As in neighbouring Vaud, Julius Caesar was an early 'tourist' in these parts. Historians fail to record whether he packed his skis, but we do know the Roman leader brought an army to conquer the Celtic community living in the valley, penetrating as far as Sierre. Once under Roman domination, it appears the four Celtic tribes of the Valais were peaceably integrated into the Roman system. Artefacts and archaeological remains still attest to the passage of the rambling general and his boys from Rome.
Sion became a key centre in the valley when the Bishop of Valais blessed the town with his presence, making his home there from AD 580. By 1000, the bishop's power stretched from Martigny to the Furka Pass.
That power did not go uncontested. A succession of Dukes of Savoy managed to encroach on the bishops' territory and a Savoyard army besieged Sion in 1475. With the help of the Swiss Confederation, the city was freed at the battle of Planta. Internal opposition was just as weighty and the independently minded communes that made up the Valais region stripped the bishops of their secular power in the 1630s, shifting the levers of control into the hands of the Diet, a regional parliament.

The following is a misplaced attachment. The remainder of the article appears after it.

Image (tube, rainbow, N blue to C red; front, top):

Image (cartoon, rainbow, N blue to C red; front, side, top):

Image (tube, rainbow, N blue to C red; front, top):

The Valais was not invaded again until Napoleon Bonaparte called by in 1798. The little man with big plans was determined to dominate the routes into Italy. Valais joined the Swiss Confederation in 1815.